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MONSOON FLOODS IN CAMBODIA CLAIM 168 LIVES AND DISPLACE OVER 100,000

Source: Christian Aid - UK - Fri, 25 Oct 2013 13:31 GMT
hum-nat cli-cli cli-wea hum-aid hum-hun hum-dis
Veunsai district, Ratanakiri
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A month of monsoon rains and flash floods in Cambodia have claimed 168 lives and left over a hundred thousand people homeless across 20 of the country’s 24 provinces, including parts of the capital, Phnom Penh.

More than 1.5 million people in total are affected by flood damage to houses, schools, health centers, roads and bridges as well as farmland.

Christian Aid and Dan Church Aid partner Development and Partnership in Action (DPA) has distributed food, hygiene kits and tarpaulin shelter to more than 3,000 people in Ratanakiri Province, in the north east of the country. 

Some 80 per cent of Cambodia’s 13.8 million population live in rural areas, where most are completely dependent on subsistence agriculture for survival.  244,000 hectares of rice fields have been destroyed by the flooding, leading to fears of food shortages. 

An appeal has been launched by the ACT Alliance, of which Christian Aid and Dan Church Aid are members. Some £115,000 has been given by Dan Church Aid to provide jerry cans, water purification tablets and soap to reduce the likelihood of life-threatening waterborne diseases and will also fund cash grants to enable farmers to purchase seeds and fertilizer, or meet loan repayments.

Kristen Rasmussen, Programme Coordinator from DCA said, ‘Cambodia has to cope with annual monsoon rains and it is the poor communities which are affected the most.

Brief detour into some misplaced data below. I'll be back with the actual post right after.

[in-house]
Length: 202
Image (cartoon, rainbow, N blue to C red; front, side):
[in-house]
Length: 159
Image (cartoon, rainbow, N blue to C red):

‘After the water levels recede it is the poor farmers and landless migrant workers who will suffer. Cambodians are highly vulnerable to disasters, as many as a quarter of them live below the poverty line relying on one agricultural harvest per year.  So when the harvest is lost the impact is severe.  Many are likely to go into debt to cope with the loss of income.

‘Severely flooded areas are now threatened by waterborne diseases, such as dengue fever and diarrhoea.  In a country with high malnutrition rates, where almost 40 per cent of children are chronically malnourished, these treatable diseases can be fatal, especially for the elderly and young.

‘We are assessing longer term needs and are purchasing seeds and other agricultural material as well as offering cash grants to vulnerable families. Our experience in the country shows that cash grants work well, especially when distributed to female family members who ensure the money is spent helping the family get back on its feet,’ she added.

The emergency aid will be used to help the most vulnerable; extremely poor families including female headed households, widows, migrant landless farmers, people living with HIV and the elderly.

Christian Aid and Dan Church Aid are continuing their work to make vulnerable communities more resilient to natural disasters by working with local authorities and communities to improve early warning and evacuation systems, build stronger houses and store crops safely so lives and livelihoods can be saved.

If you would like further information, or to arrange an interview with someone in the field please contact Johanna Rogers on jrogers@christian-aid.org 020 7523 2460

Notes to Editors:

  1. www.christianaid.org.uk/images/partnership-for-change-summary.pdf explains how we set about this task.
  2. http://actalliance.org
  3. http://twitter.com/caid_newswire
  4. http://www.christianaid.org.uk

 

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